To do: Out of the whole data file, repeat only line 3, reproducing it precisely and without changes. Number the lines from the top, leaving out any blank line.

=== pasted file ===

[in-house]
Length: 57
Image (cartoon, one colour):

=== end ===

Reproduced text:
Image (cartoon, one colour):